Rising temperatures may also have political consequences, the authors found. A one-degree rise in temperature in poor countries raises the likelihood of a so-called irregular leader transition (i.e., a coup) by 3.9 percentage points.

Olken acknowledges that the long-term impact of temperature change might be different from the short-term effect since countries may adapt to a particular climate over time. But his research found no such adaptation over a 10-year time horizon.

Should the future effects mirror recent history, world policy makers should be prepared for a widening gap between rich and poor countries as the globe continues to warm, he says.

Provided by Massachusetts Institute of Technology (news : web)

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3.8 / 5 (4) Mar 13, 2009
"Poor" nations are doing just fine because the world isn't even warming!
4 / 5 (4) Mar 13, 2009
haha more crap. Global Warming is a natural process due to sunspots.... We should be more worried about Global Cooling. How does being a poor nation make a difference? haha
4 / 5 (4) Mar 13, 2009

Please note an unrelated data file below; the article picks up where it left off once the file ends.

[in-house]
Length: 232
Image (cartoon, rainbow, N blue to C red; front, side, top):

The world didn't uniformly rise in temperature over the interval selected. The late 1960s thru the 1970s had the ice age panic.
5 / 5 (2) Mar 13, 2009
"Poor" nations are doing just fine because the world isn't even warming!

It's great that the AGW proponents are the ones who continue to use the term denialist, yet, they're the ones perpetrating the stereotype.

Comments 1 and 3:
4 / 5 (4) Mar 13, 2009
This myopic study apparently hasn't looked at all the data available instead Olkin may have cherry-picked to get the results he wanted.

Check out the mind blowing application GapMinder at$inds= and change the "Y" axis to just about any of the UN data entered. (search for gapminder videos too and Notice how some poor countries do indeed fail to do well over time but most of the failures can be attributed to internal politics or AIDS, not global warming. Also notice that by just about any measurement, poorer countries have gotten "richer" faster than "richer" countries. This is all UN hard data.

This study is more AGW propaganda, i.e. the end justifies the means dishonesty.
2.3 / 5 (3) Mar 15, 2009
GAPMINDER>ORG is fascinating. Thank you for the link. I will spend the next week going through all that material.

Who knew that Florida and Massachusetts have the highest rates of child abuse in the nation.
3 / 5 (2) Mar 17, 2009
This is garbage data. Any correlation between climate and GDP of a nation would merely be coincident with other economic processes, which have a far more immediate and demonstrable effect on national GDP. larger nations are more diversified, thus more distributed over economic trends than small nations, whose single sources of income may be limited to a few commodities. The past few years have been steady down years for many economies, how can anyone make the case for a relationship between fractional average tempurature variations and GDP?